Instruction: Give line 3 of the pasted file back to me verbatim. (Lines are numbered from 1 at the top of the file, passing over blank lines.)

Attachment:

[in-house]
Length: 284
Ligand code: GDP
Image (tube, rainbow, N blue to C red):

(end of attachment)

Ligand code: GDP